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Organising undergraduate research projects: Student-led and academic-led models

Knight, R.-A. & Botting, N. (2016). Organising undergraduate research projects: Student-led and academic-led models. Journal of Applied Research in Higher Education, 8(4), pp. 455-468. doi: 10.1108/JARHE-07-2015-0054


Purpose: This paper addresses the management of undergraduate final year research dissertations. It intends to explain and clarify our experience of two models of delivery (student-led/academic-led) with reference to interest development theory (Hidi and Renninger, 2006).

Approach: We focus on the advantages and drawbacks of each model within the context of the research literature, and describe a case study of the experiences of lecturers and students in one Division of a metropolitan UK University, running a leading programme in Speech & Language Therapy (Pathology). Recommendations are made which are intended to be of use to colleagues across disciplines and organisations.

Findings: We argue that a delivery where students can choose their research topic from a limited set suggested by supervisors (academic-led model) is best placed to meet motivational challenges in Hidi and Renninger’s framework, and also increase feasibility for staff. We discuss how such a model might best be implemented.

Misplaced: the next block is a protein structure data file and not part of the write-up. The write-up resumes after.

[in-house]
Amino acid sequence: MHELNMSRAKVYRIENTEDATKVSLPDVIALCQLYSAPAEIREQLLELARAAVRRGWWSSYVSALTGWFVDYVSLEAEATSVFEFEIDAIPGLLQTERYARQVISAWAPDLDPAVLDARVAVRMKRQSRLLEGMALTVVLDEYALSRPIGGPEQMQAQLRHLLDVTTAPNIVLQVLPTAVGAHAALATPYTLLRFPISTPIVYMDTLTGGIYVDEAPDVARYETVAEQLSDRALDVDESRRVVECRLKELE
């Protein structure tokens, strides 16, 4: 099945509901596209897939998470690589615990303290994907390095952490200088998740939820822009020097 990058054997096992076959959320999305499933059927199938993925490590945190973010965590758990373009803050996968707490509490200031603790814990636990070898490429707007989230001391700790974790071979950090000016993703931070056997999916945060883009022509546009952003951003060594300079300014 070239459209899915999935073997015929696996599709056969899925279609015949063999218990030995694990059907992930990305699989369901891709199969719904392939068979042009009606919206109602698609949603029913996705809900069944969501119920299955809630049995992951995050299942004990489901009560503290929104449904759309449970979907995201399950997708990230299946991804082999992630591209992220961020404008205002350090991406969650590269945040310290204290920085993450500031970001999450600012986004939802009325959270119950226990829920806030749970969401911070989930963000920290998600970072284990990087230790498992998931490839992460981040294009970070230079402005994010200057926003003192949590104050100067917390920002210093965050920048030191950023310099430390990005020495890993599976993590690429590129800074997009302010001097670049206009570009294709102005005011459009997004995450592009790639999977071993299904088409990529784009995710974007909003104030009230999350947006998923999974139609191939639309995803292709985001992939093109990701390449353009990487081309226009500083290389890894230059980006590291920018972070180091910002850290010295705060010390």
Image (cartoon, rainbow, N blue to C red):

Originality: Describing case study experiences within a conceptual framework is important for the development of improved supervision methods. It is hoped that this case study paper will inform other institutions by providing clear theoretical underpinnings and practical recommendations; and that it will lead to further empirical research into models of organising final year dissertations.

Publication Type: Article
Additional Information: This article is (c) Emerald Group Publishing and permission has been granted for this version to appear here Emerald does not grant permission for this article to be further copied/distributed or hosted elsewhere without the express permission from Emerald Group Publishing Limited. - See more at:
Publisher Keywords: undergraduate research, dissertation, supervision
Subjects: L Education > LB Theory and practice of education
L Education > LB Theory and practice of education > LB2300 Higher Education
Departments: School of Health & Psychological Sciences > Language & Communication Science
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